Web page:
The effect of transition metals on hydrogen migration and catalysis in cast Mg-Ni alloys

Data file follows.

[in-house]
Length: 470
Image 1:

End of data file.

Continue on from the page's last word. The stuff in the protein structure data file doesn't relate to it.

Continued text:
The inexpensive fabrication technique of casting is applied to develop new Mg-Ni based hydrogen storage alloys with improved hydrogen sorption properties. A nanostructured eutectic Mg-Mg2Ni is formed upon solidification which introduces a large area of interfaces along which hydrogen diffusion can occur with high diffusivity. After a few cycles of hydrogenation and dehydrogenation, an ultrafine porous structure formed in the eutectic Mg-Mg2Ni and some cracks developed along the interface between the eutectic and the a-Mg matrix. This indicates that hydrogen atoms introduced into the alloys preferentially migrate along the interfaces in the nanostructured eutectic which enables effective short-range diffusion of hydrogen. Furthermore, transition metals (TMs) such as Nb, Ti and V in the range 240e560 ppm are added directly to molten Mg-10 wt% Ni alloys and are found to form intermetallic compounds with Ni during solidification. The alloys can store 5.6e6.3 wt% hydrogen at 350 0C and 2 MPa. TM-rich intermetallics distributed homogeneously in the cast alloys appear to play a key role in accelerating the nucleation of Mg from MgH2 upon dehydrogenation. This leads to a significant improvement in the hydrogen desorption kinetics.